Hours long waits in gas lines in New York and New Jersey. Millions still without power. And many residents told they won’t be able to return home for weeks.
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Despite days of insistence from Mayor Bloomberg that the New York marathon would go on as planned, on Friday evening, the race was officially canceled. The decision coming after days of pleading from race-goers and New York residents.
"We cannot allow a controversy over an athletic event — even one as meaningful as this — to distract attention away from all the critically important work that is being done to recover from the storm and get our city back on track," Mayor Bloomberg and the race organizer said in a joint statement. In the days following Sandy, Bloomberg touted a message of hope for those experiencing loss and devastation, and insisting the marathon would move forward as a sign of rebuilding and unity.That decision was unthinkable given the number of people who are still without power and food, let alone resources to get their lives back on track. On Friday during a press conference before he cancelled the race, the mayor referenced former New York City Mayor Rudy Giuliani’s decision to move forward with the marathon following the terrorist attacks on 9/11. Bloomberg said “I think Rudy made the right decision in those days to run the marathon. It pulled people together. And we have to find some ways to express ourselves and show our solidarity with each other.” If there was any doubt of the mayor’s intentions, shortly after that news conference, he tweeted from his official account, “The NYC Marathon will go on as scheduled this Sunday. Good luck runners!” But that sentiment would only last a few hours.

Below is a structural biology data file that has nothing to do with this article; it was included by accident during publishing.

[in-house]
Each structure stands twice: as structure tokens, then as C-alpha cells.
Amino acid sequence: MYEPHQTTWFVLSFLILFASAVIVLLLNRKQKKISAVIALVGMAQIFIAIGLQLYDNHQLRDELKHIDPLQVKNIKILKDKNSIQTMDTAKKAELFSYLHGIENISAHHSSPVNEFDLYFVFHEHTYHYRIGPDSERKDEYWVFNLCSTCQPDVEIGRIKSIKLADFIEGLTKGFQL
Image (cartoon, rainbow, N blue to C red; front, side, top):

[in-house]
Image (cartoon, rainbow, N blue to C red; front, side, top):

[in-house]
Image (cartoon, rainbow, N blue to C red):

Molly Baker, who ran last year’s marathon, says it’s too early to start a celebration after Sandy. “The New York marathon truly is a celebration of the city,” she said. “It’s the race of a lifetime for those running. And I understand it’s disappointing if it’s canceled, but now is a time to focus on recovery and those who are in dire straits, rather than having a party at this point.” She added there’s a huge difference between the marathon following the 2001 terrorist attacks and the one taking place this weekend. “The marathon took place two months after the attacks. We had months of healing and recovery as opposed to just five days after this hurricane, “she said. “The spirit of NYC is a great way to celebrate, but there was time for the city to heal first.” There’s no doubt the marathon will bring economic benefits to a city in need. After all, the marathon has an estimated $340 million economic impact on New York City. And this year, it will add even more with marathoners asked to donate money -- $1 for every mile of the race, totaling $26.20 per runner – to go toward relief and recovery efforts. Additionally, race organizer New York Road Runners said it will donate $1 million to a recovery fund, and said more than $1.5 million in pledges from sponsors has been secured . In a press conference Wednesday, Mayor Bloomberg reinforced the economic benefits of continuing with the race. “I think some people said you shouldn’t run the marathon. There’s an awful lot of small businesses that depend on these people. We have to have an economy. There’s lots of people that have come here. It’s a great event for New York, and I think for those who were lost, you’ve got to believe they would want us to have an economy and have a city go on for those that they left behind.” But many runners and New York residents said that wasn't a good enough reason to divert the city’s resources from those in need. In fact, there’s already an online petition with more than 20,000 supporters asking Mayor Bloomberg and New York Road Runners CEO Mary Wittenberg to postpone the race. “Sunday would have been my first time to stand at the starting line of the Marathon,” wrote Laura Mello, who signed the petition. “Something I have been working toward, through injuries and more, since 2008. I have as much as anyone personally invested in this Marathon, but now is not the time to divert resources away from critical recovery efforts, close more roads just so some people can run a race, and invite thousands of people into a city that is only partially functioning with electricity, mass transit, and other basic utilities impaired.” Many runners, and NYC residents, took to social media to express their dissatisfaction with the decision to go ahead with the marathon. One woman told Gothamist she would use her race number to take a bus to Staten Island, but rather than running the race, she planned to stay to help those displaced by the storm. “I cannot start a 26.2 mile run in Staten Island—people are missing, stranded, in need of resources. Brooklyn and Queens have equal devastation. Parts of Manhattan are without electricity, water, major hospitals are closed. The Bronx too has its own challenges…Sunday morning I will catch the marathon bus to Staten Island. Not planning to run. Plan to volunteer instead and gather resources (extra clothes, bottles of water, food from runners at the start). Let's not waste resources and attention on a foot race. Who is with me?" A runner on Staten Island who preferred not to be named said she would have preferred the race be canceled or postponed from the beginning. But says the runners who are in the city as a result of the marathon should provide extra helping hands in the wake of the disaster. “All that money has already been spent (to host the race). It’s been paid out. It’s all paid for. What can we do now?” she said. “Now we can use the race to raise more money to go directly to the relief...We have this great big group of volunteers (runners), let’s use them. Let’s set up a text number for those watching the live broadcast, have the runners wear T-shirts with the number. I think people forget that these (runners) are people, and I think they would be willing to help in every way they can.”